On May 25, 2010, the Securities and Exchange Commission (SEC) released its final rules implementing Section 922 of the Dodd-Frank Wall Street Reform and Consumer Protection Act (Dodd-Frank) (§ 21F of the Securities Exchange Act of 1934 (SEA)).1 These rules enable a whistleblower to obtain a bounty where she or he voluntarily provides the SEC original information that leads to the successful enforcement of a federal court or administrative action where the SEC obtains sanctions exceeding $1 million. The bounty will range from 10% to 30% of the recovery. This framework is similar to the federal False Claims Act (which offers financial rewards to whistleblowers) and different from Section 806 of the Sarbanes-Oxley Act of 2002 (SOX) (which prohibits retaliation but does not offer monetary incentives).

The following describes the key aspects of these rules, identifies the risks these rules present to employers and shareholders and provides a range of steps employers may take to minimize the risk that the rules will encourage employees to bypass internal compliance programs.

Impact On Compliance Programs

The SEC will consider whether a whistleblower complained internally in exercising its discretion to decide on the size of any bounty exceeding 10% of the government's recovery. The SEC may increase awards where whistleblowers use internal compliance channels and may decrease an award where a whistleblower disrupts internal compliance efforts. Also, where a whistleblower reports original information through a company's internal compliance channels, and the company then reports the information to the SEC, all of the information the company provided to the SEC will be attributed to the whistleblower. In other words, under such a scenario, the whistleblower will be credited for any additional information the company's investigation generated. In addition, if a whistleblower provides information internally to a person with legal, compliance, audit, supervisory or governance responsibilities, and then submits the same information to the SEC within 120 days, the SEC will consider the whistleblower to have provided the information to the SEC as of the time it made an internal complaint. (The proposed rules provided a 90-day "grace period.") Thus, the whistleblower keeps her or his "place in line" through this 120-day grace period.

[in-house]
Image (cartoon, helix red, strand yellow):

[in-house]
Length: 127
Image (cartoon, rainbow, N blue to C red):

Original Information

To be eligible for a bounty, whistleblowers must provide "original information." The rules define "original information" as information derived from the independent knowledge or analysis of the whistleblower, not already known to the SEC from any other sources, and not exclusively derived from allegations made in a judicial or administrative hearing, government report, hearing, audit, or investigation, or from the news media. In addition, "original information" only includes information provided to the SEC for the first time after July 21, 2010 (the date Dodd-Frank was enacted).